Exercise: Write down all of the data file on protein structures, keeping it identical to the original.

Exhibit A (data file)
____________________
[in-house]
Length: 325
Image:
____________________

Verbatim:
[in-house]
Length: 325
Image: